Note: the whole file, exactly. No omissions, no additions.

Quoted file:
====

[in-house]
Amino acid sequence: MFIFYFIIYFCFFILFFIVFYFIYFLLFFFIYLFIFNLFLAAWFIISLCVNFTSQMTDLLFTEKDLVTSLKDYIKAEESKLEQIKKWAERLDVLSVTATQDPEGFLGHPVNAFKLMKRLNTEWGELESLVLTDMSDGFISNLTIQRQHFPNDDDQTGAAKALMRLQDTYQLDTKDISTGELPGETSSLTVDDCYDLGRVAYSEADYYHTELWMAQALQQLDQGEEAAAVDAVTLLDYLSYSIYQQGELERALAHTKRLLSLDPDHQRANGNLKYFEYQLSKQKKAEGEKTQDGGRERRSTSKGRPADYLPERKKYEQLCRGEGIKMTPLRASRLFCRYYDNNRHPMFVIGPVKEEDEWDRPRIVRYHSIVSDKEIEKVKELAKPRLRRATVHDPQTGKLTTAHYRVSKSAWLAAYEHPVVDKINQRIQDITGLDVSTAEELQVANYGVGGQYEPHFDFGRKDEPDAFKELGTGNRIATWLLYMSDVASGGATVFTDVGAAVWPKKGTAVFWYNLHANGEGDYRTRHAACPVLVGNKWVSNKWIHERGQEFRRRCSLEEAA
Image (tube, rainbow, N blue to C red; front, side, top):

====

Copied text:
[in-house]
Amino acid sequence: MFIFYFIIYFCFFILFFIVFYFIYFLLFFFIYLFIFNLFLAAWFIISLCVNFTSQMTDLLFTEKDLVTSLKDYIKAEESKLEQIKKWAERLDVLSVTATQDPEGFLGHPVNAFKLMKRLNTEWGELESLVLTDMSDGFISNLTIQRQHFPNDDDQTGAAKALMRLQDTYQLDTKDISTGELPGETSSLTVDDCYDLGRVAYSEADYYHTELWMAQALQQLDQGEEAAAVDAVTLLDYLSYSIYQQGELERALAHTKRLLSLDPDHQRANGNLKYFEYQLSKQKKAEGEKTQDGGRERRSTSKGRPADYLPERKKYEQLCRGEGIKMTPLRASRLFCRYYDNNRHPMFVIGPVKEEDEWDRPRIVRYHSIVSDKEIEKVKELAKPRLRRATVHDPQTGKLTTAHYRVSKSAWLAAYEHPVVDKINQRIQDITGLDVSTAEELQVANYGVGGQYEPHFDFGRKDEPDAFKELGTGNRIATWLLYMSDVASGGATVFTDVGAAVWPKKGTAVFWYNLHANGEGDYRTRHAACPVLVGNKWVSNKWIHERGQEFRRRCSLEEAA
Image (tube, rainbow, N blue to C red; front, side, top):